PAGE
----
Terry is happy to provide his opinion on diet and nutrition, supplements and lifestyle choices. This information is for educational purposes only. It is not meant to replace the advice of your physician and is not to be considered medical advice, diagnosis or treatment. Should you have any concerns please contact your physician directly.
Q. Dear Terry, “I am interested in taking boswellia for some gastrointestinal issues I am having. However, I’ve heard that boswellia actually contains pro-inflammatory components. How can boswellia be beneficial if it contains pro-inflammatory compounds? I’m confused.” — Dan S., Madison, WI
A. Dear Dan, Boswellia has been used in Ayurvedic medicine for thousands of years. Now, modern day research has substantiated its use for the treatment of asthma, arthritis, intestinal disease, ulcers, bronchitis, and many skin disorders. The active components in boswellia are called boswellic acids. The majority of boswellic acids have the ability to inhibit 5-LOX (5-Lipoxygenase), a naturally occurring enzyme that is implicated in a number of inflammatory conditions. The most active of the boswellic acids is known as AKBA (Acetyl-11-keto-B-boswellic acids). Surprisingly, beta-boswellic acid, another of the boswellic acids, is actually pro-inflammatory.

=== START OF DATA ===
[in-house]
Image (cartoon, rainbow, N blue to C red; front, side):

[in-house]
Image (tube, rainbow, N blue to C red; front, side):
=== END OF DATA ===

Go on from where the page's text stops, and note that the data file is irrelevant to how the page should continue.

When choosing a boswellia extract, please be aware that not all boswellia extracts are created equal. Some unstandardized boswellia extracts can have AKBA levels as low 1% and beta-boswellia levels as high as 20%. To make sure you are getting a quality product, look for one that has filtered out the majority of beta-boswellic acid to 5% or less and includes at least 10% or more of acetyl-11-keto-beta-boswellic acid (AKBA).
Terry . . . Naturally